USGS - science for a changing world

Environmental Health - Toxic Substances


Contamination from Sources with Mixed Wastes

USGS scientist driving a passive-diffusion sampler into a wetland.
Passive-diffusion samplers ("peepers") are driven into a wetland to observe the geochemistry of the leachate plume's discharge area -- from the Norman Landfill Investigation

Bibliography XXX Publications

Many contaminant sources introduce a diverse and complex mixture of organic and inorganic contaminants into the subsurface, which can complicate characterizations of contaminant transport, fate and effects. These sources include landfills and wastewater discharges. The resulting contaminant plumes are difficult to characterize, manage, and remediate. Reactions among dissolved chemicals, reactions between dissolved chemicals and the aquifer material, and microbial reactions can significantly accelerate or retard contaminant movement and complicate natural and engineered cleanup. Ongoing research focuses on defining source mixtures, developing field methods for characterization, quantifying transport processes and development of simulation modeling capabilities. Current research focuses on the following three areas:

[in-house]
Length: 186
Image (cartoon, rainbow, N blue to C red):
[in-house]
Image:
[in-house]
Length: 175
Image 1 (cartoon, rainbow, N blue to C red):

Landfill Leachate in Alluvial Aquifers -- Norman, Oklahoma

Sewage Contamination in Sand and Gravel Aquifers -- Cape Cod, Massachusetts

Mixed, Low-level Radioactive and Other Wastes -- Amargosa Desert Research Site, Nevada

Program Science Feature Articles on Mixed Waste Contamination Research

Fact Sheets

New Publications

USGS Home Water Land Resources Science Systems Ecosystems Energy and Minerals Environmental Health Hazards

Accessibility FOIA Privacy Policies and Notices logo U.S. Department of the Interior | U.S. Geological Survey
Page Contact Information:
Page Last Modified: Thursday, 14-Apr-2016 15:53:26 EDT